constitutes a rejection of the doctrine ... that any past criminal act relevant to credibility may be inquired into on cross-examination, in apparent disregard of the privilege against self-incrimination. While it is clear that an ordinary witness cannot make a partial disclosure of incriminating matter and then invoke the privilege on cross-examination, no tenable contention can be made that merely by testifying he waives his right to foreclose inquiry on cross-examination into criminal activities for the purpose of attacking his credibility. So to hold would reduce the privilege to a nullity.
Fed.R.Evid. 608(b), Comm. Notes. Courts from other circuits have reached the same conclusion when presented with similar facts. See, e.g., United States v. Brooks, 82 F.3d 50, 54 (2d Cir. 1996) (holding that a witness's invocation of his Fifth Amendment privilege on a "collateral" matter did not violate defendant's Sixth Amendment right to confrontation); United States v. Berrio-Londono, 946 F.2d 158, 158-59 (1st Cir. 1991) (affirming a refusal to strike the direct testimony of a coconspirator who asserted his Fifth Amendment right concerning prior drug deals with a coconspirator other than the defendant).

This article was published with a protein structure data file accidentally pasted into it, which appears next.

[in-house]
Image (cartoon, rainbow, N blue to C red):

After the verdict, McClurge filed a motion requesting a new trial on the grounds of "newly discovered evidence." McClurge claimed that he had learned from two sources that Marks, one of the government's witnesses, had been "bragging" about killing a drug dealer named "Sporty" and that the FBI was in fact investigating Marks about Sporty's murder. The trial judge denied the motion, holding that this information would not have affected the outcome of the trial.